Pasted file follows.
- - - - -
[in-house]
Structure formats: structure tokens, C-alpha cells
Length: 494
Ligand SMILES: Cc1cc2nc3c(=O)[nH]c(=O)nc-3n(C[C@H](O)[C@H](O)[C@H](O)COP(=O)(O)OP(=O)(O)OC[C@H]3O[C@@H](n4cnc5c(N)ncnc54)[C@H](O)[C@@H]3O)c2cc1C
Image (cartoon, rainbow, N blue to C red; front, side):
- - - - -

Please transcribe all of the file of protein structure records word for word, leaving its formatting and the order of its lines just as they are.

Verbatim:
[in-house]
Structure formats: structure tokens, C-alpha cells
Length: 494
Ligand SMILES: Cc1cc2nc3c(=O)[nH]c(=O)nc-3n(C[C@H](O)[C@H](O)[C@H](O)COP(=O)(O)OP(=O)(O)OC[C@H]3O[C@@H](n4cnc5c(N)ncnc54)[C@H](O)[C@@H]3O)c2cc1C
Image (cartoon, rainbow, N blue to C red; front, side):